Tuesday, September 1, 2009

I understand how to vote for Best Picture Oscar; it's the counting that has me confused

For a minute there, I thought the Motion Picture Academy was going to make voting for the best picture Oscar identical to the manner in which the nominees are chosen.

The best picture nomination process works as follows: Each voter gets a ballot on which they are to select five best picture nominees (this year it will be 10) in order of preference. In figuring up the nominees, five points were awarded each picture ranked No. 1, four points for No. 2 and so on. This year I'm figuring it will be 10 points for the picture ranked No. 1, nine for No. 2 and so on. The five (this year 10) pictures with the most points (not the same as the most votes) are the nominees.

Simple enough.

Earlier this week came the announcement that on the final ballot this year, voters will be asked to rank the 10 nominees in order of preference on their ballots. That was OK, too, until I learned the manner of tabulating the winner is not going to be on the same point system by which the nominees are selected.

See if you can follow this twisted process: The best picture ballot will be detachable from the rest of the ballot. Once they are detached, they will be placed in up to 10 separate stacks depending on which picture was named No. 1. If one stack contains over 50 percent of the returned ballots, it will be declared the winner. Now I'm willing to bet that in the last 20 years, we have only had three films that would have surpassed that 50-percent threshold: Schindler's List in 1993, Titanic in 1996 and Slumdog Millionaire last year.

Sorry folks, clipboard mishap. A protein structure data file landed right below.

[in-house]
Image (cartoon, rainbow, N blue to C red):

So, in the likely event that no film gets 50 percent, the stack with the smallest number of ballots will be redistributed according to which film is listed as No. 2 on each of the ballots in that stack. If none of the remaining nine stacks has one with at least 50 percent of the total ballots, the process will be repeated until finally there is one stack with at least 50 percent of the total ballots.

The reason behind this tabulation change is that the Academy didn't want people to think that the winner would have captured the Oscar with 10 percent plus one of all the votes cast. Why, I don't know. I have always said that the main problem with any award process like this is that, even with five nominees, it was possible that the winner could take home the award with just 21 percent of the vote. Translated that means that a whopping 79 percent did not think that winning nominee deserved the award. So why are we quibbling over 10 percent, just because the Academy decided to double the number of nominees for the top award?

Here's the other problem I have with this system. Every time, the Academy reduces the number of "stacks," it reduces the possibility that the picture named No. 1 on most of the ballots will win the Oscar and more likely that a film listed as No. 2 or No. 3 on most of the ballots will win, which nullifies the reason for handing out the award in the first place. I'm betting that if this system had been in place in 2006, Little Miss Sunshine would have undeservedly won the Oscar instead of The Departed and quite possibly Michael Clayton would have won the following year instead of No Country for Old Men. On the plus side, however, it would have meant Brokeback Mountain would have defeated Crash in 2005 and either the more deserving Traffic or Crouching Tiger, Hidden Dragon would have won over Gladiator in 2000.

1 comment:

Anonymous said...

It's Instant Runoff Voting . . . complicated but not really impenetrable rocket science.